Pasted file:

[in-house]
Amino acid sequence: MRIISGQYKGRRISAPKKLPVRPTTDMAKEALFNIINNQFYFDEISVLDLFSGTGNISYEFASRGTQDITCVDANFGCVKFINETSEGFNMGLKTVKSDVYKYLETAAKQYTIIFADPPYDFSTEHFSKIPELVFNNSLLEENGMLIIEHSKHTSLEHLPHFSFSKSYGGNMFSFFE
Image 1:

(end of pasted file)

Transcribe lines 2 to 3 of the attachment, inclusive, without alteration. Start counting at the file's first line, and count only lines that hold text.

Amino acid sequence: MRIISGQYKGRRISAPKKLPVRPTTDMAKEALFNIINNQFYFDEISVLDLFSGTGNISYEFASRGTQDITCVDANFGCVKFINETSEGFNMGLKTVKSDVYKYLETAAKQYTIIFADPPYDFSTEHFSKIPELVFNNSLLEENGMLIIEHSKHTSLEHLPHFSFSKSYGGNMFSFFE
Image 1: